Not really, Rorschach. I'm well aware of the point that you make in the first paragraph, that many people raise issues about tone when it might be more important to discuss the cogency of arguments. But that doesn't mean that issues about tone are unimportant. They can be enormously important - see Colins' comment for more on this. Still, I totally understand the point you're making, and I allude to tone trolls in the original post.

I define in detail what I mean by tone, and this is pretty much the standard meaning of the word.

Again, nothing I say means that all complaints about tone are justified. Many are not, as I point out. But many are, as with the complaints currently being made about the tone of the HuffPo piece by John Shook. Usually it is better to explain why they are or are not justified than to say, rhetorically, "Who cares about tone anyway?"

And, no, the meaning of "Collingwood is going to lose" is definitely not the same as "Collingwood is going to fucking lose." That's a very strange claim. The additional meaning added by the word "fucking" will depend on the context, but the two sentences definitely do not mean the same thing. For example, in one context, the latter might mean, "Collingwood is going to lose and I am glad of it." In another it might mean, "Collingwood is going to lose badly." In another it might mean, "Collingwood is going to lose and I want to bond with you in our mutual recognition of this." The word might turn the sentence from a neutral prediction into a taunt, an attempt at bonding, or something else again. That is a change in its meaning.

We convey these additional layers of meaning all the time by our selection of words (and also, in speech, by such means as literal tone of voice, body language, and facial expressions). Your example about Collingwood illustrates my point that the choice of language provides part of the meaning (and also the important point that choice of language interacts with context to produce meaning).

Robert said...

Hi Russ, just noted moderation enabled -- could have saved myself sometime if I'd seen that first. Oh well, be well.

Anonymous said...

DOH!

SC said...

I've discussed this before, but every day, it seems, I come across stray comments on the internet about how ... tone doesn't matter, this is well known, it's illegitimate to raise issues of tone when discussing what someone else has written, etc. It's not that I see this from high-profile people, so I'm not blaming, for example, any well-known "New Atheist" writer for spreading such a silly idea,

Heaven forbid they would sully themselves so! Must be the Gnu Plebs!

but I do see it from innumerable commenters all over the internet.

So...who, then? Not saying they don't exist or that it isn't a problem, but there're no links or context given. Hmm. Reminds me of something...

:)

Russell Blackford said...

SC, what does it remind you of? I said to the best of my ability exactly what it is - stray comments all over the internet. I don't even notice who says such things because it's seldom if ever anyone with a high profile.

I certainly didn't say something like "it is unnamed leaders of the atheist movement", which would make people think of specific individuals like Richard Dawkins. So I don't see how it could remind anyone of John Shook if that's what you had in mind.

I came across a clear example in an out-of the-way place yesterday and couldn't later remember where it was, or I'd have linked, even though it was only a comment. (I looked at many sites for different reasons yesterday.) But I also see such comments made from time to time in less out-of-the-way places like Butterflies and Wheels, Pharyngula, and Richard Dawkins' site. But, again, I made clear that I'm talking about comments that I see a lot. I have absolutely no idea what specific individuals have made such comments and I'm not attributing them to, say, Ophelia Benson or PZ Myers or Richard Dawkins - I'm talking about commenters.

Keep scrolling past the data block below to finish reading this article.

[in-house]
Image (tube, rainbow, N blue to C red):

Perhaps it's an illusion and such comments don't exist, but I don't think I'm discussing something that doesn't exist. If you disagree, fine. If so, you may even be correct and my post was a waste of time. But I have the strong impression that such comments do exist and are quite frequent.

My immediate inspiration this morning for making this post was some good stuff cited at Butterflies and Wheels praising rationalists who show passion. That's the spirit. I wanted to say that we are entitled to be passionate, funny, disrespectful, iconoclastic or whatever it may be. It's not that these things don't matter or that they should never be pointed out; it's that they can be perfectly justified. They can add value the message.

If someone accuses X of being disrespectful or hostile, or whatever, a good response may be to ask the someone exactly what shade of disrespect or hostility was shown to exactly what and exactly why it was not justified. The disrespect or hostility, or whatever, was presumably expressed for a purpose and it added something to the meaning, so it is legitimate to point it out. But it's also legitimate to ask why it's a bad thing in the instance concerned. Don't you agree?

Bruce Gorton said...

"Tone doesn't matter" is shorthand for "Wait, I am bringing up serious shit that I feel legitimately pissed off about, and you are more bothered by the fact that I am pissed off than about the serious shit?"

"You are seriously more bothered about how fucking enraged I am at the religious doing everything in their power to deny gays equal rights, than about the religious' stance on gay rights?

"It bugs you more that I passionately stand against the Catholic Church's handling of nuns and priests who abuse children, than the fact that the church was covering up for child abusers?

"Hell, it bugs you more than the fact that nuns and priests were abusing children?

"My angry tone when talking about it is really more off putting to you than American evangelical churches causing witch hunts in Nigeria?